C# 4, part 5: Other bits and bobs which probably don’t merit inclusion

Okay, I know I said that part 4 would be the last part in this series… but since then I’ve not only thought about iterator block parameter checking, but a few other things. Some of these I simply forgot about before, and some I hadn’t thought of yet. I’m not sure any of these are actually worthy of inclusion, but they may provoke further thought.

Tuple returns

I’ve been reading Programming Erlang and I suspect that being able to return tuples (i.e. multiple values, strongly typed but without an overall predefined type) would be a good thing. For instance, in a tuple-returning world, int.TryParse could be redesigned to return both the true/false and the parsed value. It could have a signature like this:

public static (int, bool) TryParse(string text)

… and then be called like this:

int value;
bool parsed;

(value, parsed) = int.TryParse(“Foo”);

Now, a few things to work out:

How do we ignore values we’re not interested in?

Part of the problem with out parameters is that sometimes you don’t actually care about the value – but you still have to declare and pass in a parameter. Suppose we could use ? as a placeholder for “I don’t care”. (This is _ in Erlang pattern matching, IIRC. Same kind of business.)

What could you do with a tuple?

We could potentially make tuples first class citizens, so that you could declare variables of that type, a bit like anonymous types, but with anonymous property names as well, used just for matching later. Or we could force matching at the point of method call, which would restrict the use a bit further but leave less other rules to be worked out.

Either way, I’d hope to be able to set either fields or properties by parameter matching.

What’s the value of the overall expression?

This really depends on the answer to the previous question. If tuples are first class types, then the result of the expression would normally be the tuple itself. However, I wonder whether there’s more that can be done. For instance, thinking about our TryParse example, it’s useful to be able to write (currently):

if (int.TryParse(“Foo”out value))
{
   …
}

Suppose we were able to designate one of the matched elements of the tuple to be the expression result, e.g. using _ to be slightly Perl-like:

if ((value, _) = int.TryParse(“Foo”))
{
   …
}

Would that be worth doing?

More information required…

I suspect that people who know more about the use of tuples in other languages would be able to say more about this. Some overlap with anonymous types is clearly relevant too, and would need to be carefully considered. I’m not wedded to any of the syntax shown above, of course – I’m just interested in how/where it could be useful.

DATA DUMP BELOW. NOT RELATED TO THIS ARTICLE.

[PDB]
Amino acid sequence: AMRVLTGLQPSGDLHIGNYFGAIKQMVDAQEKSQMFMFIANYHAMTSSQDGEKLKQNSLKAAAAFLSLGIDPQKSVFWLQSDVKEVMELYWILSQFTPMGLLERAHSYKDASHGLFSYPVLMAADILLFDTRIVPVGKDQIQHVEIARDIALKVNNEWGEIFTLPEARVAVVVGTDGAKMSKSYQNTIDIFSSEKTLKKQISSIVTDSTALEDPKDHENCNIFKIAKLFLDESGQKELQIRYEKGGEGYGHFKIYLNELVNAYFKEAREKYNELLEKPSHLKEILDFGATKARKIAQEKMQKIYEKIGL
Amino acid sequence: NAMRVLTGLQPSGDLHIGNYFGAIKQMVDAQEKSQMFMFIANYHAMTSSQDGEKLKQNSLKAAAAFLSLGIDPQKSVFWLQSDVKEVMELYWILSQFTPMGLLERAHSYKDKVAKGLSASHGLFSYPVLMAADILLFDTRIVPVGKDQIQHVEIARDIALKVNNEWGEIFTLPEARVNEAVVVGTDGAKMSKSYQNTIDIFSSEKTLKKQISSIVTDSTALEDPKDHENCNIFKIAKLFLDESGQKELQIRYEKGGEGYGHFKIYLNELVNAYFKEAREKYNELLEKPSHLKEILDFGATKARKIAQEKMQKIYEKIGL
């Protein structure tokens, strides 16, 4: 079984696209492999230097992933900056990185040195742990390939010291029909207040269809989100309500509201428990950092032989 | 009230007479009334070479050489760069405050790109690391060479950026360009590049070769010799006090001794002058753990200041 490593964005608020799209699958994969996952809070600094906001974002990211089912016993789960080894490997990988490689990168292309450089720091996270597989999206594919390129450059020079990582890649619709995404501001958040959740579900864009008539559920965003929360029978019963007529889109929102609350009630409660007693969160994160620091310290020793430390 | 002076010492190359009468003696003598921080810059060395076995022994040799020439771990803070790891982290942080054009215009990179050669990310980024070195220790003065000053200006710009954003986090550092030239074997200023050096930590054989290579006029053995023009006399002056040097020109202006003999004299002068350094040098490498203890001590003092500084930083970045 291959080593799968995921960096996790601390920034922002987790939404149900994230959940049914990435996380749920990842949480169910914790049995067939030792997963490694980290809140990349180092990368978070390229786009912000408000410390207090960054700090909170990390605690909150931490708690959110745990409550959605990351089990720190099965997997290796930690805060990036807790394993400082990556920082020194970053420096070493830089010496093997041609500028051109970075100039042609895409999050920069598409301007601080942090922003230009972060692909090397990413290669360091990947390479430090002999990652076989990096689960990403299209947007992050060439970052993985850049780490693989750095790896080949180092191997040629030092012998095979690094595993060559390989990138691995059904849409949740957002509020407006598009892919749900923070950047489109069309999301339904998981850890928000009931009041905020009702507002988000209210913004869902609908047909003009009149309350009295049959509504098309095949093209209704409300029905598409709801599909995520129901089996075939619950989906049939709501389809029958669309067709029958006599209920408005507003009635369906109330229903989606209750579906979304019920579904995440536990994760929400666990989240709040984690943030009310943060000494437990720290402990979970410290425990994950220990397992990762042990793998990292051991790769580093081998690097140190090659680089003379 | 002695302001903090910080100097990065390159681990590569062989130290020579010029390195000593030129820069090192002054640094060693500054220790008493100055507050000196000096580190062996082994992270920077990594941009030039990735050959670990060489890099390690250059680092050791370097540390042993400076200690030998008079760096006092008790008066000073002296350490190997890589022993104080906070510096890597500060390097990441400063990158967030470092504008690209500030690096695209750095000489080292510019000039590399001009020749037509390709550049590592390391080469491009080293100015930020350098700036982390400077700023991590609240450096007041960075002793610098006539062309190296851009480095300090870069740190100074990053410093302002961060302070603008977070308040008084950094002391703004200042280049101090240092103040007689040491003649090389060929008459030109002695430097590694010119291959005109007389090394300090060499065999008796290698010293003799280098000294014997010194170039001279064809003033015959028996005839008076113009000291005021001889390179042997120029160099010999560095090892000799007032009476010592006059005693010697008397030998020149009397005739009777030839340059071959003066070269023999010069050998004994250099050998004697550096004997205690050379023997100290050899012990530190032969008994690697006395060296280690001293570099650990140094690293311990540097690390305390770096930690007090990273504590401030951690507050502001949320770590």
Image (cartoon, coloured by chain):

Named method/constructor arguments

One of the features I like about F# is that you can specify the names of arguments, without worrying about the order. This means that it becomes even more important to name methods appropriately, but it would make method calls with many parameters simpler to read. Currently it’s common practice to use one parameter per line and a comment to indicate the use, e.g.

foo.Complicated(10,        // Number of elements to return
                “bar”,     // Name of collection
                x => x+1,  // Step for element
                3.5        // Load factor
               );

In fact, this example is relatively simple because all the parameter types are different – look at the more complicated overloads of Enumerable.GroupBy for rather more hellish examples. It’s incredibly ugly, and the compiler isn’t able to check anything. Now suppose we could instead write:

foo.Complicated(maxElements = 10,
                collectionName = “bar”,
                step = x => x+1,
                load = 3.5);

Personally I think that’s clearer and less error-prone. The arguments could be reordered with few issues, and the compiler could check that we really were using the right parameter names. One potential issue is in terms of side-effects, where evaluating one argument had a side-effect which affected the evaluation of another argument. At that point reordering is a breaking change. I suspect the compiler would need to stick to the specified textual order, and then rework things on the stack as required to get the appropriate order for the method call. A bit nasty.

Event handler subscription in object initializers

I only thought of this one today, when coming up with an example for a screencast on object initializers. I suspect most uses of object initializers will be to with custom classes (although I recently used them for XmlWriterSettings to great effect) which would make the screencast harder to understand. I was wondering what common framework classes had lots of writable properties, and I hit on the idea of building a UI. It shouldn’t surprise me that this works quite nicely, but you can build up a hierarchical UI quite pleasantly. For example:

Form form = new Form
{
    Size = new Size(300, 300),           
    Controls =
    {
        new Button
        {
            Location = new Point(10, 10),
            Text = “Hello”,
        },
        new ListBox
        {
            Location = new Point(10, 50),
            Items =
            {
                “First”,
                “Second”,
                “Third”
            }
        }
    }
};
Application.Run(form);